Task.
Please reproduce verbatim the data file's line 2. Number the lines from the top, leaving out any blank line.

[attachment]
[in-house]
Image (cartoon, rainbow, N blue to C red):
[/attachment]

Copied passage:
Image (cartoon, rainbow, N blue to C red):